Cut Bank (2014)
This was a strange attempt to emulate the magic of Fargo, one of my favourite movies of all time.
The story begins when the central character, played by Liam Hemsworth, accidentally films a supposed murder in the corn fields of the titular small town while training his girlfriend (fellow Aussie Teresa Palmer) for a beauty pageant. But nothing is as it first seems, and soon Billy Bob Thornton and John Malkovich are on the case. Bruce Dern plays an old nutjob and mailman, while Michael Stuhlbarg plays a psychotic killer. Oliver Platt rounds out the star-studded cast.
Just like Fargo, Cut Bank is brutally violent and has plenty of unexpected events where the shit keeps hitting the fan and the mess keeps getting murkier and out of control. It even has a big Native American dude playing a tough guy. But it’s nowhere near as darkly comedic, and I wouldn’t be surprised if some viewers fail to get the humour amid all the carnage and mayhem. It’s also not as intelligent or original. Watchable? Yes. Good? Not quite.
One of the biggest problems with the movie is Liam Hemsworth, who hasn’t really done anything that deserves praise thus far in his career. Yeah sure, he’s in The Hunger Games, but in that he’s a distant third fiddle who is more of a minor character than a major one. The charisma of his elder brother just isn’t there.
There are some decent moments, most involving Bruce Dern, and also when Teresa Palmer performs for the pageant, but for those most part Cut Bank doesn’t deserve anything more than a straight-to-DVD fate.
2.5 stars out of 5
Time Lapse (2014)
This low-budget time travel thriller went completely under my radar. It’s better than the most recent time travel film I watched before it, Project Almanac, and the superb storytelling is good enough to make up for most of its flaws.
The premise of Time Lapse is simple. A guy, his girlfriend and best friend, all living under the same roof, discover a camera machine in a neighbour’s house that takes periodic photos through their apartment window. The photos reveal the scene in the apartment exactly 24 hours into the future.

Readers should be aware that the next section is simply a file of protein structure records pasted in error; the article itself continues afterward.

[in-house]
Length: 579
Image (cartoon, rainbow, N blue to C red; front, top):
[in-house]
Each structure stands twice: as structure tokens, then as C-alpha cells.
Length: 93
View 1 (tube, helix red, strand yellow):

Writer and debut director Bradley D King does a solid job of getting the most out of this interesting idea, taking advantage of the notion that the protagonists can use the device to send messages to their past selves but also requiring them to act out what they see in the photo 24 hours later to avoid a time travel paradox. It raises questions of free will, fate and whether we can really change the future.
I liked how the movie utilises a limited form of time travel that doesn’t require special effects, and how it focuses on the relationship dynamics of the three central characters. The ending is also quite clever and requires a bit of thought for everything to fall into place.
The performances of the central trio — Danielle Panabaker, Matt O’Leary and George Finn — are also strong, taking attention away from the aspects that don’t necessarily make a whole lot of sense, or reactions that stretch credulity. I thought it was pretty silly, for instance, for them to try to get rich through betting with dodgy bookies. A lotto ticket would have been so much easier and less dangerous.
Flaws aside, it’s still a solid piece of sci-fi entertainment, with enough intrigue and character development to deliver a thought-provoking experience.
3.5 stars out of 5
The Skeleton Twins (2014)
Don’t think you’re in for a comedy just because you see Kristen Wiig and Bill Hader on the cover. The Skeleton Twins is one of the saddest and most depressing films I’ve seen in a while.